Petimezi (pure thick concentrated grape juice, must, or molasses) is a natural sweetener made of grape juice only, without any preservatives. Known in ancient Greek cuisine as epsima (the name it is still called by in Cyprus today), petimezi is first referred to by the father of medicine, Hippocrates, in the 5th century BC. Aristophanes, the Athenian playwright, also refers to petimezi. It is one of the world’s oldest 100% natural sweeteners, which needs no refrigeration and keeps forever.
Petimezi, a thick and dark syrup (the depth of the color is determined by the type of grapes used), is produced after the grape harvest, usually in late August/September by boiling fresh unfermented grape juice with no added sugar or flavorings for hours. The boiling is in enormous vats as a huge amount of grape juice is needed to produce a small quantity of grape concentrate.
In small businesses, all the family members give a helping hand, taking their turn at stirring this amazing aromatic potion for an hour or two. The whole process to produce authentic traditional petimezi takes three whole days. Boiling, skimming off the froth, more boiling, more skimming, leaving to stand for hours, the addition of clean wood ash or a special white earth to bring out the impurities, and yet more boiling and stirring. As they say in Greece; done with meraki – passion and lots of love!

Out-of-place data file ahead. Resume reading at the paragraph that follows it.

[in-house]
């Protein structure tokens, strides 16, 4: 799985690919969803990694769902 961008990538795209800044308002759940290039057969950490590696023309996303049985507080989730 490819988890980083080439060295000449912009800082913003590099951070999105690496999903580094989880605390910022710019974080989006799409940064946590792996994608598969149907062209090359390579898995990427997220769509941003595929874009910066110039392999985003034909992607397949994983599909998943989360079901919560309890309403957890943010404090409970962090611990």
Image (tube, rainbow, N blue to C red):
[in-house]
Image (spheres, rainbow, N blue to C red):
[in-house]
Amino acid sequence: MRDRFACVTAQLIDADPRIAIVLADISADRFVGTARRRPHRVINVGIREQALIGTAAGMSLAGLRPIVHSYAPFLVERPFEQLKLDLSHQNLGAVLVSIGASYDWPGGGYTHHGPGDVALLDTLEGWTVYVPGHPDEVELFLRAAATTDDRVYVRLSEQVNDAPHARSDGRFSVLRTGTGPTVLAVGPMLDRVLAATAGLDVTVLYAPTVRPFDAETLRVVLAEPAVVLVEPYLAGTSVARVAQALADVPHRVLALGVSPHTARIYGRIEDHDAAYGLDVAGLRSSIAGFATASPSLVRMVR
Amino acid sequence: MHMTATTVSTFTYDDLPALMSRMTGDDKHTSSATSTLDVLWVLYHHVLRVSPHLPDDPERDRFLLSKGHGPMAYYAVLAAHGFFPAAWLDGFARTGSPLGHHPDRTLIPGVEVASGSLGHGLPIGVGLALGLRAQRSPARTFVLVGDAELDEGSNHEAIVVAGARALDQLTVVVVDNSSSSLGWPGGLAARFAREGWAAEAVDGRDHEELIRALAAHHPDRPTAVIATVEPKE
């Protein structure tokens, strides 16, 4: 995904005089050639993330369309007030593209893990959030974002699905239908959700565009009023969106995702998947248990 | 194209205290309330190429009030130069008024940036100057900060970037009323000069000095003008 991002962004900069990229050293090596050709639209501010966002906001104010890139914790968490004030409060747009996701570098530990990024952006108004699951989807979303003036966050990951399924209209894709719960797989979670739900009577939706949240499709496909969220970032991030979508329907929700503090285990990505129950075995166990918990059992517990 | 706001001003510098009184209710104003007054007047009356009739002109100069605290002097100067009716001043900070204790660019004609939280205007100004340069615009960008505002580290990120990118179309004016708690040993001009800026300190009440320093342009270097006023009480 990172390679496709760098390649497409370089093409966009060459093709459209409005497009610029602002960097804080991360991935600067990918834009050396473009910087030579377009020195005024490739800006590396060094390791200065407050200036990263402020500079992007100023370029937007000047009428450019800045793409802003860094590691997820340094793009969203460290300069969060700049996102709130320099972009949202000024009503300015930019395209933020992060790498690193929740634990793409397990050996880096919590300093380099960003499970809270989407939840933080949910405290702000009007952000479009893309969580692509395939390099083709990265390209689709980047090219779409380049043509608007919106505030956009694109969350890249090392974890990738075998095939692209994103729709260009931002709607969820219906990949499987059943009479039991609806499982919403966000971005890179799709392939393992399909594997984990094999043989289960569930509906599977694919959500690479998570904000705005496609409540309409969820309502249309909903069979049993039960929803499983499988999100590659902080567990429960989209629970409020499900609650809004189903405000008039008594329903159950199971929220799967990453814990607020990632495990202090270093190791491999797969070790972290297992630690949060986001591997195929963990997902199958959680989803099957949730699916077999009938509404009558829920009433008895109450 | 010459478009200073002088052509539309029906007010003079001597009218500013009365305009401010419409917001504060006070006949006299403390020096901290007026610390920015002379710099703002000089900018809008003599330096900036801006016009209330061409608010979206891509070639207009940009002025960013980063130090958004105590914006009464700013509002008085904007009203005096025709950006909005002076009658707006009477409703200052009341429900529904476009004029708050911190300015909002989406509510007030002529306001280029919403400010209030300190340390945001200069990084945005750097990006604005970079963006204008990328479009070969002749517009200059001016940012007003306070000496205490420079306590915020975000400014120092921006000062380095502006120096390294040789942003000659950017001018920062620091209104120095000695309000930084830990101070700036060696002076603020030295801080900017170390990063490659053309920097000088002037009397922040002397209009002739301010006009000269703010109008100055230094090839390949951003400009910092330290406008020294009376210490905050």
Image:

Petimezi when produced in the traditional process is expensive in comparison with other artificial sweeteners, mainly because of the great quantities of grape juice required to produce the end product. It takes more than 50 pounds (24kg) of grapes to produce one liter of grape-based petimezi.
Petimezi is one of the world’s oldest and healthiest sweetener, rich in antioxidants, vitamins A, B, and C, minerals, potassium, iron, calcium, and magnesium. It has many uses in Greek and Mediterranean cuisines, including to flavor mustokouloura (grape must dark cookies with gingery flavor) seen in all bakeries and patisseries at the time of the grape harvest and mustalevria (grape must pudding made with flour) served in small dishes topped with chopped pistachio nuts. It is delicious when drizzled over ice cream or thick creamy Greek yogurt. Alone or mixed with a little wine vinegar it makes a delicious salad dressing and adds an extra burst of flavor when added to soups, stews, and casseroles. When accompanying roast meat it gives it that extra little something.
Petimezi as old as the vine has been known since ancient times to work wonders for coughs and colds. Taken in a shot glass every morning or diluted in a glass of water will give you energy.